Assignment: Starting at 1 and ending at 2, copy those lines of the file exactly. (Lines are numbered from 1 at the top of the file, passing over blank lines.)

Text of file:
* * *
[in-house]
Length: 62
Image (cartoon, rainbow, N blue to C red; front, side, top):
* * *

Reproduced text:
[in-house]
Length: 62